‘We had no choice’: Indonesia school expels students with HIV/AIDS
SURAKARTA, Indonesia — Purwotomo 74 public elementary school in Surakarta, Central Java, expelled 14 students identified as positive for HIV/AIDS amid protests from parents of other students.
Parents and guardians of other students allegedly threatened the school management that they would transfer their children to another school should the school management not heed their warning.
School principal Karwi confirmed the report, saying, “We had no choice. We accepted the students because everyone has the right to education [..] until this wave of protests started to come in.”
The parents heard about the presence of students with HIV/AIDS from a parents-teachers meeting in early January, during which they immediately expressed their concerns.
The 14 students, who have been assisted by non-profit organization Lentera Foundation, come from different year groups.
Lentera Foundation founder Puger Mulyono said he understood the parents’ concerns, noting that he had faced such rejection often.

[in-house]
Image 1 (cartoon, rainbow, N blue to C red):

“We’ll deal with this. We’ll wait for the parents’ letter and recommendation from the education agency to transfer these students,” he said.
Surakarta Education Agency Etty Retnowati said the agency had found a school that would accept the students.
“The most important thing is they can continue their studies. We’ll always find solutions,” she said.
Chairman of the Child Protection Commission’s Surakarta chapter Tommy Prawoto lamented the rejection, emphasizing the need for a long-term solution.
“Dissemination of information [on HIV/AIDS] should be intensified,” he said.
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